Do You Trust Yourself?By Dr. Margaret Paul
July 20, 2015
Do you trust your own feelings and perceptions? What happens when you don't?
Juliette has been struggling with fatigue and pain for many years. She has gone from doctor to doctor, and from diagnosis to diagnosis, but still doesn't know why she continues to suffer. She has followed many different ways of eating – from vegan to vegetarian to Paleo. She eats only organic food, does yoga, is married with two teenage children, has many friends and plenty of money. She is perplexed regarding why she has not been able to heal.
In our first Skype session, it was clearly evident to me that Juliette lives in her head and is very disconnected from her body and her feelings. She learned to live in her head early in her life to avoid the loneliness of being raised by disconnected and narcissistic parents. Now she stays focused in her head to avoid the loneliness of her disconnected marriage. Staying focused in her mind is the major way she avoids her feelings.
A major aspect of becoming a loving adult is to learn to stay present in your body, tuned in to your feelings and trusting your feelings. All physical and emotional feelings and sensations have information for us, as do all our perceptions. When you stay focused in your mind rather than in your body, you disconnect from your feelings and therefore bypass the vital information you need to know regarding whether something is right or wrong for you, and whether you are loving yourself or abandoning yourself.
While I don't pretend to know the physical causes of Juliette's pain and fatigue, I do know that not trusting her own feelings is a major aspect of her illness. She gives her authority away to doctors rather than trusting her own body. She eats the foods they tell her to eat, even when those foods feel bad to her. She takes the drugs they tell her to take, even when they make her sicker.
Juliette wants someone else to have the answers for her. She doesn't want to risk trusting herself. What if she's wrong? What if she makes a mistake and things get worse? That possibility is so scary for her that she completely bypasses her own inner knowing and hands her trust over to authorities.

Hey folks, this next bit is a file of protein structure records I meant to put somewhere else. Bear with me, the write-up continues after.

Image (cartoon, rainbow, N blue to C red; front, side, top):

The problem is that not trusting herself creates much inner stress, and it may be that this stress itself is the major cause of her illness.
Research indicates that stress is a killer – responsible for 90% of illness.
How would things change if Juliette trusted herself? The very act of trusting her feelings would immediately relieve the inner stress of not listening to her feelings – not listening to her inner source of guidance. Just as children feel relieved when someone finally listens to them, so our inner child feels relieved when we finally listen to ourselves.
Of course, it's also scary for Juliette to listen to her feelings of loneliness and disconnection with her husband. But until she connects with herself, she doesn't have a chance of knowing whether or not she can connect with her husband. It's easy for her to believe that it's his fault, but she has no way of knowing this as long as she is disconnected from herself.
Juliette is now having some good days – days with less pain and fatigue - as she is learning to stay in her body, present with her feelings, in Step One of Inner Bonding.
It's not easy to reverse a lifetime of staying focused in your head, but I encourage you to practice staying present in your body, mindful of your feelings. All your feelings, both physical and emotional, have much amazing and powerful information for you.
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It's a challenge to take responsibility for our own feelings when we are alone, and even more of a challenge when we are with others. Today, notice the various ways you make others responsible for your feelings - not speaking up, saying yes when you mean no, blaming, feeling hurt, waiting, people-pleasing, getting angry, withdrawing, numbing out, punishing, and so on. Just notice without judgment.
By Dr. Margaret Paul